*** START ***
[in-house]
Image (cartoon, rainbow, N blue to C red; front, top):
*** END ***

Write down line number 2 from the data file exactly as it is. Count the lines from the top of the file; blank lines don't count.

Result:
Image (cartoon, rainbow, N blue to C red; front, top):